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How's Life in the Digital Age?

Opportunities and Risks of the Digital Transformation for People's Well-being

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This report documents how the ongoing digital transformation is affecting people’s lives across the 11 key dimensions that make up the How’s Life? Well-being Framework (Income and wealth, Jobs and earnings, Housing, Health status, Education and skills, Work-life balance, Civic engagement and governance, Social connections, Environmental quality, Personal security, and Subjective well-being). A summary of existing studies highlights 39 key impacts of the digital transformation on people’s well-being. The review shows that these impacts can be positive as digital technologies expand the boundaries of information availability and enhance human productivity, but can also imply risks for people’s well-being, ranging from cyber-bullying to the emergence of disinformation or cyber-hacking. In sum, making digitalisation work for people’s well-being would require building equal digital opportunities, widespread digital literacy and strong digital security. Continued research and efforts in improving statistical frameworks will be needed to expand our knowledge on the many topics covered in this report.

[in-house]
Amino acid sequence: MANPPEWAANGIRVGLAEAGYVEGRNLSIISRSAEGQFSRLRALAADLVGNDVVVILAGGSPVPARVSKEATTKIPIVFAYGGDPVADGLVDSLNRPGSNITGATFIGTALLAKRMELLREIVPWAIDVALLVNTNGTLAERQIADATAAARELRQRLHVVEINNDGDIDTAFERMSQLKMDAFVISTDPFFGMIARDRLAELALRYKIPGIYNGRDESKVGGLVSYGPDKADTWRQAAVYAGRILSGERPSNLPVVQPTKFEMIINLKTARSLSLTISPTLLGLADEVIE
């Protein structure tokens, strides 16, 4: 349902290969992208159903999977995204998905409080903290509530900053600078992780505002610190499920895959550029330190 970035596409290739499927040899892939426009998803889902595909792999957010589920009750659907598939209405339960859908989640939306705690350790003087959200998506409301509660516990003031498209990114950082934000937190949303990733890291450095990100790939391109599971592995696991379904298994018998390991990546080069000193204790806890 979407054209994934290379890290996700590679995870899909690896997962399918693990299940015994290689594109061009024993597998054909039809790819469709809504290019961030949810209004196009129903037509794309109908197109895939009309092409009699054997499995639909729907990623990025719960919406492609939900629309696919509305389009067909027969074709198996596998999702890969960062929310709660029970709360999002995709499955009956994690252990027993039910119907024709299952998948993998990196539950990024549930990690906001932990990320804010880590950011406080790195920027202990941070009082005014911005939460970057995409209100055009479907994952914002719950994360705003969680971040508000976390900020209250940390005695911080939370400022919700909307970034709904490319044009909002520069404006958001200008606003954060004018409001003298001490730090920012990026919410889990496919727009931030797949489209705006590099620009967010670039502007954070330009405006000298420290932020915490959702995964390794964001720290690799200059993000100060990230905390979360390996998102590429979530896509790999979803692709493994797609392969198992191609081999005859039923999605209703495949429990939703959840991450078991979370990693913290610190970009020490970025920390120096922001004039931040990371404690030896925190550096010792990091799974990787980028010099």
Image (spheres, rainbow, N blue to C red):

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How's life in the digital age in Israel?

Unfortunately, data limitations prevent a comprehensive analysis of the opportunities and risks of the digital transformation in Israel. Available indicators suggest that Israel’s performance in opportunities and risks is relatively mixed. Israel stands out in employment in information industries, with the highest share recorded across the OECD. Despite this, the labour market returns to ICT tasks are very low. In addition, both Internet access and use of the Internet are slightly below the OECD average: 75% of households in Israel have a broadband Internet connection, compared to an average of 78%. In schools, too, the availability of digital resources is below the OECD average, with 55% of students reporting having access and using Internet connected school computers. Israel performs relatively well in the area of social connections, with 74% of people using online social networking sites, and less than average rates of children exposed to cyberbullying.

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